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Another juror leaves Jamie Hood trial; testimony continues | News

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Another juror leaves Jamie Hood trial; testimony continues

ATHENS, Ga. -- A third juror has left the Jamie Hood death penalty trial.

A female juror was excused on Wednesday after telling Judge Patrick Haggard she was unable to remain impartial after hearing some of the testimony so far.

There are now 12 jurors and three alternates left in a trial that could take at least another month. Hood is accused of fatally shooting Athens-Clarke County Senior Police Officer Elmer "Buddy" Christian and wounded another officer, Tony Howard.

Heart-wrenching accounts from police officers continued on Wednesday, as did some of the contentious back and forth between Jamie Hood and some of the witnesses.

Forensics expert Jim Schultz described the desperate moments on March 22, 2011 as he attempted to render aid to Howard and then realized there was a second victim nearby.

"Lt. Whitmore yelled, 'I need help with Buddy,'" said Schultz. "I opened the door and SPO Buddy Christian was kind of leaning toward the center console of the vehicle. I placed my fingers on the left side of his neck and got no pulse. I said to Lt. Whitmore, 'He's gone.' As I started to cover his body and looked over at his computer screen, there were pictures of his family and pictures of Buddy."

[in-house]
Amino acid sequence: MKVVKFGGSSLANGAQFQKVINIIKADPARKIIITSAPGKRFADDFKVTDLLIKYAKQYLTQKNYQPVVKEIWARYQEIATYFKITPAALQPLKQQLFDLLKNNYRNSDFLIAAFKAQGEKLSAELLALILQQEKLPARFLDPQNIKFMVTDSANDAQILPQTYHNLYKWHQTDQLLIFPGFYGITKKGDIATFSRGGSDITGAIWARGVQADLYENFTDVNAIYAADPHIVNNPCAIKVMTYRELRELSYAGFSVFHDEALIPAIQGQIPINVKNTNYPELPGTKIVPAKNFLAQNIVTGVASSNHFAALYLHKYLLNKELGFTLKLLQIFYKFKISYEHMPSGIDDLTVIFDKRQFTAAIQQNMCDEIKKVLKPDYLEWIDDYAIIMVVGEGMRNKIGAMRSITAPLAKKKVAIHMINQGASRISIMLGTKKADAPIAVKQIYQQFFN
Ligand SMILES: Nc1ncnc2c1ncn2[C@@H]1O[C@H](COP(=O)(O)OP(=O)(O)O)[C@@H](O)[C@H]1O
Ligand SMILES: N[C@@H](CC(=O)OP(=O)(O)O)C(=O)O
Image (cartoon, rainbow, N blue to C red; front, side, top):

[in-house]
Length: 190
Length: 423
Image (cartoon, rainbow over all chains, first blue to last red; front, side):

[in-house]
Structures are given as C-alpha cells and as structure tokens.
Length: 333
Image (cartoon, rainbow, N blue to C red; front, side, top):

Schultz and fellow officers said a prayer for their fallen comrade before loading his body into the coroner's vehicle.

On cross-examination, Hood questioned Schultz about the carjacking incident allegedly involving Hood and a local drug dealer that started the chain of events that day.

Hood, who is defending himself, claimed that Howard was out to get him.



Jurors also heard from the surgeon, Dr. Whitney Webb, who operated on Howard at Athens Regional Medical Center after the shooting.

Webb testified Howard was shot in left side of his face breaking his nose, cheekbone and jawbone, and also shot in the left shoulder. The bullet traveled through his upper body and lodged in his right shoulder.

Hood challenged that assessment several times, suggesting Howard may have actually been shot in the right shoulder.

The courtroom went dark for much of the afternoon while the judge, district attorney and Hood went over crime scene photos -- including many of the deceased office – to decide which would be shown to the jury.

The media has been instructed not to take video of any of those.


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